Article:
Salem Tests A New Way To Remove Toxins From Drinking Water
After issuing two drinking water advisories for toxins produced by a harmful algae bloom, the city of Salem is testing out a possible solution.
Algae in Detroit Lake is sending cyanotoxins into the North Santiam River, where Salem gets its drinking water.
In response, the city has stockpiled 50,000 pounds of powdered activated carbon at its Garen Island Water Treatment Facility in Stayton.
Katie Ottoboni with Carollo Engineers said it's the best immediate solution her company could come up with to keep the city's drinking water safe.
She’s leading a pilot test of a new treatment system that would add activated carbon to the water from the North Santiam River to absorb the toxins.
“We’re using this as an initial response, and we may look at additional long-term solutions," she said. "This is the quickest, best method we have to address the issue at hand.”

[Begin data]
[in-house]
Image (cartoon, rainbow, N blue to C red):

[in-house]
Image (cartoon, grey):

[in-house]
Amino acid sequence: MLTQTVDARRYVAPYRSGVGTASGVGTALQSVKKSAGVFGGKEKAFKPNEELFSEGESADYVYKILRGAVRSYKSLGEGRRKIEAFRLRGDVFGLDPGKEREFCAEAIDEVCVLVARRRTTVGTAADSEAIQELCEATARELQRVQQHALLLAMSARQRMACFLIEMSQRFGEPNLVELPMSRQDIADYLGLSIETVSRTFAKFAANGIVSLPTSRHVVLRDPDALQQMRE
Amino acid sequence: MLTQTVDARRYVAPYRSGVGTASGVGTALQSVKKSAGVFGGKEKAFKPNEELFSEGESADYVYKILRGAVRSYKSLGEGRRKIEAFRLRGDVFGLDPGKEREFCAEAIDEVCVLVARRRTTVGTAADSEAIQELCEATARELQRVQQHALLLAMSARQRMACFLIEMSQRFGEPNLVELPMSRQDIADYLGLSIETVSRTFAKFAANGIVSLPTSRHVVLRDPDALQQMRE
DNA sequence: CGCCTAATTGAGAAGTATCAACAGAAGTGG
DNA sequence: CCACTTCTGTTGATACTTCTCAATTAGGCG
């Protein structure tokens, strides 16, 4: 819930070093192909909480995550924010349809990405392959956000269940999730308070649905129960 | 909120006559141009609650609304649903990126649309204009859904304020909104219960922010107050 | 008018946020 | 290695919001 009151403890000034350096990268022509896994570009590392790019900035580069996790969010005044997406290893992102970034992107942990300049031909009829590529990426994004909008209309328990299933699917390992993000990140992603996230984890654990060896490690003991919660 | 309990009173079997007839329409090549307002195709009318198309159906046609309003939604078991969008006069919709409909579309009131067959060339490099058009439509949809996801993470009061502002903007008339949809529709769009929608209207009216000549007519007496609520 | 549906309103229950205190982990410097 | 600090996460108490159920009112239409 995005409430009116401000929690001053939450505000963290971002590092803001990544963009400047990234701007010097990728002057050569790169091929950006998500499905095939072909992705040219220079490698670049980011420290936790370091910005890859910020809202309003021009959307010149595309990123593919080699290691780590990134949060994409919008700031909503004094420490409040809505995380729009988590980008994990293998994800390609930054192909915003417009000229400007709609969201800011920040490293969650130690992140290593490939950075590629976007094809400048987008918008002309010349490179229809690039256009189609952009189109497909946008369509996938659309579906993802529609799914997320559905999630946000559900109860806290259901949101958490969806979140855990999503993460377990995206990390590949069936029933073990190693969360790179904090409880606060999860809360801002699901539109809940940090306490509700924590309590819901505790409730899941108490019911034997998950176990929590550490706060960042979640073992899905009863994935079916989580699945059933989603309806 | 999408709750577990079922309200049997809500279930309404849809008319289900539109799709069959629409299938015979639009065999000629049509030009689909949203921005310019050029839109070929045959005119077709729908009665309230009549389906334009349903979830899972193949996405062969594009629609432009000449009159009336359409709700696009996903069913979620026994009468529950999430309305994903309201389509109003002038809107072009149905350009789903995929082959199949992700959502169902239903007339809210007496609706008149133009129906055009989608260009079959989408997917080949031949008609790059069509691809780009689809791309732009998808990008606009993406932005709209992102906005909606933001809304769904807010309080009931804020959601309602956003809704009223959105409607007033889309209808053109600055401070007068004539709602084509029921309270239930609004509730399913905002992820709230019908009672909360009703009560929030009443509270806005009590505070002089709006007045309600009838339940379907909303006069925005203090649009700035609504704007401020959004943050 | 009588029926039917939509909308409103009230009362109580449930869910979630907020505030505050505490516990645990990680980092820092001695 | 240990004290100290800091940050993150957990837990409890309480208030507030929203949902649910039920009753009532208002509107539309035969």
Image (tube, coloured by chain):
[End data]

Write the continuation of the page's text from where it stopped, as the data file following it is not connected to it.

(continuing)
The system allows the carbon to settle out before the water goes through the city’s normal slow-sand treatment process.
Officials say the system will only be used if it is needed to keep the city’s drinking water safe, and they are still considering alternative drinking water sources such as the Willamette River or local groundwater.
While the latest tests show Salem’s drinking water is now safe to drink, an advisory warning is still in place.
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